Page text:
Degrowthers tend to elide the colloquial meaning of consumption, as something like discretionary ‘retail therapy’, with the term’s economic definition: the final use of a resource as a good or service. The latter sense encompasses not only the ostensibly superfluous resource uses that degrowthers would reduce or ban, but also unambiguously essential ones: nutritious food, commodious shelter, healthcare and childcare.footnote6 As a rule, the capacity for more consumption is socially desirable, even if every individual instance of consumption is not. Some increases in consumption can be enabled by redistribution of existing wealth. But there will always be something whose growth would be, as Daly puts it, both desirable and possible, and reallocation is unlikely to exhaust this.footnote7 To illustrate, imagine that a technological breakthrough yields ‘Leviathan’, a maximally egalitarian artificial intelligence. Using its awesome superintelligence and capacity, Leviathan unifies the globe and enacts perfect egalitarianism. Avoiding economic distortions and administrative troubles in ineffable ai ways, Leviathan distributes the world’s net wealth of $360 trillion among the world’s 7.8 billion people—roughly $46,000 per person, slightly lower than the wealth of a median adult in Portugal. Leviathan also distributes net global income, allocating each person roughly $18,000 per annum, the median income in some European countries.footnote8 Leviathan has yielded an arguably decent level of wealth and income to all.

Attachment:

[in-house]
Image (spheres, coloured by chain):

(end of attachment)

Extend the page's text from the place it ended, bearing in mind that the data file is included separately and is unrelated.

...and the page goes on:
Would populations support affirmative measures to forego all future growth, in favour of statically maintaining the wealth levels provided by Leviathan? I think not. The benefits of additional wealth need to be considered at the margin: even at a decent standard of living, growth can enable more flourishing—a marginal year of health-span, a decision to have an additional child—and a more secure future for existing levels of flourishing: extra resources for r&d on the frontiers of biomedical research or basic science; more investment in state capacity and the processes of need-fulfillment. In principle, there could be a time when every human being is sated on every margin, and growth is no longer desirable. But to assert that that moment has arrived is to close one’s eyes to reality.